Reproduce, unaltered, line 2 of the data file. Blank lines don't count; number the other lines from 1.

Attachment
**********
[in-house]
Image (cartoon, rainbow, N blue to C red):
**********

Image (cartoon, rainbow, N blue to C red):